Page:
Q&A: Why is there a coronation and what exactly is happening?

Q&A: Why is there a coronation and what exactly is happening? thumbnail

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King Charles III’s coronation is the first to be staged in Britain for 70 years.

Here is the lowdown on the big day.

– When and where is the coronation?

May 6 in Westminster Abbey in central London, with the ceremony beginning at 11am.

– What will happen during the coronation?

The King will be anointed with holy oil and crowned with the St Edward’s Crown by the Archbishop of Canterbury in front of 2,000 guests.

– Why does there have to be a coronation?

Tradition, as a way of celebrating a new monarch.

But it also has a deeply religious significance – the anointing of the King with holy oil during the Anglican service signals he has been chosen by God to be monarch.

– So is Charles not King yet?

He is already King. He acceded to the throne as the sovereign the moment his mother Queen Elizabeth II died in September.

– Why did he not have a coronation straight away?

It takes a long time to plan. The coronation is also a moment of pageantry and celebration – very different from the mourning period which followed the late Queen’s death.

– How much is it going to cost?

Millions. Queen Elizabeth II’s 1953 coronation cost £912,000 – £20.5 million in today’s money, while George VI’s 1937 ceremony cost £454,000 – which would have come to £24.8 million in 2023.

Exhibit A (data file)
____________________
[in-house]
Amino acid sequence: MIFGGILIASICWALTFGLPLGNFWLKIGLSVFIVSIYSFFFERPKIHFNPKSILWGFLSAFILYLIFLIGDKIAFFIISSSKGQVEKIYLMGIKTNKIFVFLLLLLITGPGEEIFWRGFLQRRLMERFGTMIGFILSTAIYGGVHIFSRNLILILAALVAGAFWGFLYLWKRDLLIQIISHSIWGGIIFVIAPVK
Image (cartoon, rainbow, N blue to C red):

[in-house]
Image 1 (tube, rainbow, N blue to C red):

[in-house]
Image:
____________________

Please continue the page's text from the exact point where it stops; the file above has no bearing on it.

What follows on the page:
– And who will foot the bill?

The British taxpayer. A coronation is a state occasion paid for by the Government. The taxpayer will also pay for the security costs involved.

– Do we get a day off?

Yes. There is an extra bank holiday in the UK on May 8 to celebrate.

– Are the pubs open later?

Pubs, clubs and bars are allowed to stay open for an extra two hours from May 5 until May 7, closing at 1am instead of 11pm.

– Will Camilla be crowned as well?

Yes. A Queen Consort is anointed and crowned in a simpler ceremony during the King’s coronation service.

She has chosen to use Queen Mary’s Crown – but without its original controversial Koh-i-noor diamond – and with the addition of the Cullinan III, IV and V diamonds from Queen Elizabeth II’s personal jewellery collection.

– Can I watch it on TV?

Absolutely. The service will be shown in full with a live broadcast, filmed by the BBC.